The Netizen Report offers an international snapshot of challenges, victories, and emerging trends in Internet rights around the world. Mary Aviles, Ellery Roberts Biddle, Taisa Sganzerla, and Sarah Myers West contributed to this report.
Brazil’s lower house of Congress is considering a bill that would double penalties for libel and defamatory speech when they occur online and dissolve protections for communications privacy in criminal investigations.
The bill has a long way to go before it can reach the desk of President Dilma Rousseff—it needs committee and plenary approval in the lower house, in addition to Senate approval. But if enacted, it would dismantle privacy protections in the Marco Civil (Brazil’s so-called “Bill of Rights for the Internet”) by allowing prosecutors in a criminal case to request users' personal data, including the content of private messages, without first obtaining approval from a judge. It would also “update” Brazil’s penal code by simply adding the words “social media” to a list of crimes defined as libel and doubling resulting penalties for violations, plus allowing claimants to request the permanent removal of online content that they could prove was harmful to their honor. The bill justifies these changes pointing to the “devastating” effects of libelous speech when spread through social media.
But history just might be on the side of human rights here. Civil liberties advocates have nicknamed this the “spy bill” (#PLEspiao) or the “digital AI-5,” calling up memories of AI-5, a decree issued in 1968 during Brazil’s military dictatorship that severely restricted freedom of assembly and expression. Online campaigns against the amendments have flourished and appear to have helped delay a vote on the bill that was scheduled to take place last week but has now been postponed. A public hearing on the matter took place Sept. 29, and another vote has been tentatively scheduled for Oct. 1.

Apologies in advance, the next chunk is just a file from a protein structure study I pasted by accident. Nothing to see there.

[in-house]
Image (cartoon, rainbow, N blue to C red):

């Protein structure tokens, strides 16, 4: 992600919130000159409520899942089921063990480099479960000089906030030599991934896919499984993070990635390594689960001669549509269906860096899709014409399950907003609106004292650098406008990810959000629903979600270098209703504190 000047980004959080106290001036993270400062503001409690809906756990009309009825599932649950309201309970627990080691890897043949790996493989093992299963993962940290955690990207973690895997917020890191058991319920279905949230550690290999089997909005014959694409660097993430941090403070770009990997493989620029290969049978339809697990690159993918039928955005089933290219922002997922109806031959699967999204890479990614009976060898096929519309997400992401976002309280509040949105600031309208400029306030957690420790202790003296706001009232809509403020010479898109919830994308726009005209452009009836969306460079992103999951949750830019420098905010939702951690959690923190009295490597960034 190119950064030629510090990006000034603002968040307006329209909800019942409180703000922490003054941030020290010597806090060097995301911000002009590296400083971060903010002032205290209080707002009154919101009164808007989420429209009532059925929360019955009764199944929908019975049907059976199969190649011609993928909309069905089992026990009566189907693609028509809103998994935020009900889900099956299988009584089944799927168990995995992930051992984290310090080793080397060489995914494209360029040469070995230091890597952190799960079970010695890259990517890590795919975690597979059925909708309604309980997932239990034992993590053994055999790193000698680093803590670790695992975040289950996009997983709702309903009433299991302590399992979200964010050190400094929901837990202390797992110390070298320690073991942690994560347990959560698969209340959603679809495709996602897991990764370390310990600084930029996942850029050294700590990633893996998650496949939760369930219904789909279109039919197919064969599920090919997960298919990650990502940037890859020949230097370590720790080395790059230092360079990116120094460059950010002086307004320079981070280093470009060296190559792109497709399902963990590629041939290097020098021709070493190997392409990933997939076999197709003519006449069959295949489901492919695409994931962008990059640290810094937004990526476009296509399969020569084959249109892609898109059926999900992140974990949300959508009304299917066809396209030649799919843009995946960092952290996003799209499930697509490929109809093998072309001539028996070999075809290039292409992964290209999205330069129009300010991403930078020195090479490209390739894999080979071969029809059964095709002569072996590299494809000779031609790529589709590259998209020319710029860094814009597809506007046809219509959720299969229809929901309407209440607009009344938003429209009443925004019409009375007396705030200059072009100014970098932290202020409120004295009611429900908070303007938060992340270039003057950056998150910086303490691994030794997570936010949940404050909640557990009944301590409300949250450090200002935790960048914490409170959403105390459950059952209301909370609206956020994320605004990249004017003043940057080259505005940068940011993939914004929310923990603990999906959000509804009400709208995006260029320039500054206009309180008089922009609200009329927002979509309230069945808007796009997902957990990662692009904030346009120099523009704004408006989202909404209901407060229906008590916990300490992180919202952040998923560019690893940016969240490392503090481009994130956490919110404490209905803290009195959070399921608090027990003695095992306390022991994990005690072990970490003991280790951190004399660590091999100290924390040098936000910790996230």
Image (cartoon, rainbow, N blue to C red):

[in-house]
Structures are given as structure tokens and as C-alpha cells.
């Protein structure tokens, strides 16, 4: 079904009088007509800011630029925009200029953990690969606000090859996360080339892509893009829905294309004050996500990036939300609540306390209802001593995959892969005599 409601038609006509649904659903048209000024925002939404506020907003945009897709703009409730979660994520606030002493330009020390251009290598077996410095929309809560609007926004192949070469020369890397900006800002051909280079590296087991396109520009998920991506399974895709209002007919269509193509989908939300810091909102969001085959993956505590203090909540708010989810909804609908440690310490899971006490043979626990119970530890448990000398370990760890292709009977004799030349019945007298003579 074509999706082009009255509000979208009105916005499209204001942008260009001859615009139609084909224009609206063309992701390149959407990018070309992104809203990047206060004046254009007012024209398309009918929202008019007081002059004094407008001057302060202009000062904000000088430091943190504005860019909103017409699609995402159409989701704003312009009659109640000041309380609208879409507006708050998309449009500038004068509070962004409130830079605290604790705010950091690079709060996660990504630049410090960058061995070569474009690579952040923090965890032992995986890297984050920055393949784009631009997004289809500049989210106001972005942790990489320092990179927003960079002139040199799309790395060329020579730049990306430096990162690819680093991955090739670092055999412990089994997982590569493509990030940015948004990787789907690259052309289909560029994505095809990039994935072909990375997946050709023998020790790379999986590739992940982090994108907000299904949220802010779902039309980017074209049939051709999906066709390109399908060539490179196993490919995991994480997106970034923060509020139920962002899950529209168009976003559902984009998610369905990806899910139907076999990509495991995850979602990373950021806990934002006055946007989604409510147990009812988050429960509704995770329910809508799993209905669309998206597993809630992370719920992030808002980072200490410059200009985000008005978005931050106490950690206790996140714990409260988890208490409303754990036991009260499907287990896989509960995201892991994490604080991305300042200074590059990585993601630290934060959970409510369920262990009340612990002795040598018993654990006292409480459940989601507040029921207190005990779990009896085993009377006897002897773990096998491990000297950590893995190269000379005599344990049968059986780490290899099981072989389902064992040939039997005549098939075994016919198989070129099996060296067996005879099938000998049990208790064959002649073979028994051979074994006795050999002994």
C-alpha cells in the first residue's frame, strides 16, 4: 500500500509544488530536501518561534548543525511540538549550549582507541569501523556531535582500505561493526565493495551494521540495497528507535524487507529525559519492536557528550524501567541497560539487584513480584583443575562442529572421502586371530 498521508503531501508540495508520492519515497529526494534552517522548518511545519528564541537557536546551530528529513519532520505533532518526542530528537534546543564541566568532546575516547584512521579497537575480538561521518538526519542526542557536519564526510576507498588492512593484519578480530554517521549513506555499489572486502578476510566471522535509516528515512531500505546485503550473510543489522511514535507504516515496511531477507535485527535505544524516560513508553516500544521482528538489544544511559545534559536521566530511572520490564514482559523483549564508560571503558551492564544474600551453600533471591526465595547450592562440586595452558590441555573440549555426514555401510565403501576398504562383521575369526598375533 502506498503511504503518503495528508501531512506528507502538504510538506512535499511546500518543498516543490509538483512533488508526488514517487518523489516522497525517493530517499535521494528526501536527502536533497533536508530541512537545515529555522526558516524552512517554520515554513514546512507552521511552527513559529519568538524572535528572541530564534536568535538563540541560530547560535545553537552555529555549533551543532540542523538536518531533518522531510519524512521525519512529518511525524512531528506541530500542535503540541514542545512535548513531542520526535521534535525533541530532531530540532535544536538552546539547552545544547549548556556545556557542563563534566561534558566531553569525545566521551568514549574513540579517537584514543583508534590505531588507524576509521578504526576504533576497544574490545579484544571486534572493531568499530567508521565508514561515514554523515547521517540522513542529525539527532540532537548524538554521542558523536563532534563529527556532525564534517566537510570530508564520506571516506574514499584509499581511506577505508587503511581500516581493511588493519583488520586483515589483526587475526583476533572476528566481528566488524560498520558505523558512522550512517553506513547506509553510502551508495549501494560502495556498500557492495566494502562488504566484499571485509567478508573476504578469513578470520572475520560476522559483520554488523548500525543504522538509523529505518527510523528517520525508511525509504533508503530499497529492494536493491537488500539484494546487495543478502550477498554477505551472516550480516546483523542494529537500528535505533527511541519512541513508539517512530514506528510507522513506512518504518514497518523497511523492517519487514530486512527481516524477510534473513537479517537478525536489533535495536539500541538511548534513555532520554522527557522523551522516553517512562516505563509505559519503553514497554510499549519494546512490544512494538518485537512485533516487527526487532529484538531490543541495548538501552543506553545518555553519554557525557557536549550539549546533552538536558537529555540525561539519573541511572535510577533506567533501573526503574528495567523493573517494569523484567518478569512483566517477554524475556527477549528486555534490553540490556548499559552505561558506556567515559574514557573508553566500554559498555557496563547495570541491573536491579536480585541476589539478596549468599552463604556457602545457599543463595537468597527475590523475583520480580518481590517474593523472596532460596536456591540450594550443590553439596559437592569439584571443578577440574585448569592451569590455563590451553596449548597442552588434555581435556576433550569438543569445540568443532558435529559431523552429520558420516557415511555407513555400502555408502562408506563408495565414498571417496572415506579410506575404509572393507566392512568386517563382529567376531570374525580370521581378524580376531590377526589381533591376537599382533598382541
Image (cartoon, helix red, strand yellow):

The Center for Technology and Society at the Getulio Vargas Foundation, Brazil’s premier social sciences university, called the bill unconstitutional. "Who does this project benefit? Public interest as a whole or those who want to shield themselves from public scrutiny?"
Ecuador’s president wields tools of censorship to avoid hurt feelings
Ecuador’s President Rafael Correa is asserting the right to be forgotten—but only for himself. Using millions of dollars in public funds, Correa hired a Mexican company to remove critical information about him and his wife from the Internet, including a documentary by filmmaker Santiago Villa, an electoral broadcast from a rival politician, and even a report on a jailbreak from an Ecuadorean prison, according to records obtained by BuzzFeed. The news adds to the growing list of roadblocks that Correa’s administration has put up against freedom of expression in the country: Just two weeks ago we reported on the closure of media freedom group Fundamedios, and in August the Hacking Team leaks revealed the aggressive investment by the Ecuador government in malware and pro-government trolls.
More Ethiopians jailed for seeking digital education
The Zone9 bloggers are not alone among Ethiopians charged under the Anti-Terrorism Proclamation for alleged offenses such as online activism and pursuing training in digital security tools. Zelalem Workagenegu, Yonatan Wolde, and Bahiru Degu, whose cases only recently became public, were detained July 8, 2014, for applying to attend an online security training. Like the Zone9ers, their hearings have been delayed multiple times. They are next expected to appear in court between Nov. 7–9 of this year.
French National Assembly targets global communications at their core
On Thursday, Oct. 1, France’s National Assembly will vote a new international surveillance bill that would amend a law passed last summer, in the wake of the Charlie Hebdo attack, that vastly increased the powers of French intelligence authorities to monitor and record electronic communications in the name of national security. The amendment would update the current law to allow for more pervasive surveillance of transnational and global communications through submarine Internet cables. Civil liberties advocacy groups including European Digital Rights and La Quadrature du Net are sounding the alarm with analysis and an open letter opposing the bill.